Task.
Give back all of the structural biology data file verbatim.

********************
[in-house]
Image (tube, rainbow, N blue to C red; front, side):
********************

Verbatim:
[in-house]
Image (tube, rainbow, N blue to C red; front, side):